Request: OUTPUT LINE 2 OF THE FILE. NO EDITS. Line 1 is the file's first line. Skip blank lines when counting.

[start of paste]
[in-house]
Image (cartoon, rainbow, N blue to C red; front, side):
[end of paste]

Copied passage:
Image (cartoon, rainbow, N blue to C red; front, side):